From a 2009 AIIM Study on Business Process Management…
- 63% of responding organizations consider the importance of BPM to be significant or imperative.
- Hard-dollar savings from ‘Improving Process Throughput’ and ‘Reducing Process Steps’ are the 2 biggest drivers for BPM, followed by ‘Improving accuracy and repeatability’.
- 49% of organizations achieved payback of their investment in BPM tools within 18 months and a further 23% within 2 years.
- 62% of those polled consider they have only addressed 1/5th of the potentially profitable BPM projects.
Like with many topics, BPM has its supporters and its detractors. BPM Vendors will have their positive stories. You will likely find pundits on either side of the topic. This was a study put out by AIIM – hopefully it is somewhat neutral.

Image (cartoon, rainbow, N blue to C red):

The ‘hard-dollar savings’ supports Peter Drucker’s statement: Efficiency is doing things right; Effectiveness is doing the right things.
Efficiency – Improving Process Throughput
Effectiveness – Reducing Process Steps
You could say that managing business processes is about removing non-value added activities [doing the right things] and automating the mundane activities that can be performed by software. Further, as you analyze your processes it only makes sense to make sure that you are ‘doing things right’.
I would have expected the payback numbers to be shorter, but if you take on the complex processes first the payback will take longer.
BPM is significant or imperative because it should lower costs, lead to increased revenues, and improve customer relationships and that makes it worth the effort. It can differentiate you from your competitors. It can be the key that allows your company to break out as the market leader [increased market share].
What steps has your company taken to be a market leader?